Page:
Quantum Computing with Atoms
February 4 (Thursday), 2021
Abstract: Trapped atomic ions are the unique quantum computing physical platform that features qubits with essentially infinite idle coherence times. Such atomic clock qubits are controlled with laser beams, allowing densely-connected and reconfigurable universal gate sets. Unlike all other physical platforms for quantum computing, the path to scale involves concrete architectural paths, from shuttling ions between QPU cores to modular photonic interconnects between multiple QPUs. Full-stack ion trap quantum computers have thus moved away from the physics of qubits and gates and toward the engineering of optical control signals, quantum gate compilation for algorithms, and high level system design considerations. I will summarize the state-of-the-art in these quantum computers and speculate on how they might be used.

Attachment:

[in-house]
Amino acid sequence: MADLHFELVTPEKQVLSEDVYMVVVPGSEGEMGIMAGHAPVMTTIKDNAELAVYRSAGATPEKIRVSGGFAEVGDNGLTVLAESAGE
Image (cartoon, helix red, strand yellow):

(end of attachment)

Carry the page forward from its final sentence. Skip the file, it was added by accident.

Biography: Christopher Monroe is Professor of ECE and Physics at Duke University and the co-Founder and Chief Scientist of IonQ, Inc. Monroe is an atomic physicist and quantum engineer, specializing in the isolation of individual atoms for applications in quantum information science. At NIST in the 1990s, Monroe co-led the team that demonstrated the first quantum logic gate. At the University of Michigan and the University of Maryland, Monroe’s research group pioneered all aspects of trapped atomic ion based quantum computers, making the first steps toward a scalable, reconfigurable, and modular quantum computer system. In 2016, he co-founded IonQ, a startup company leading the way in the fabrication of full-stack quantum computers. Monroe is a member of the National Academy of Sciences and is one of the key architects of the U.S. National Quantum Initiative passed by Congress in 2018.